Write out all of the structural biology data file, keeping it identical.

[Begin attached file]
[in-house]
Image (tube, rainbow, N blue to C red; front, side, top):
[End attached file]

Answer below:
[in-house]
Image (tube, rainbow, N blue to C red; front, side, top):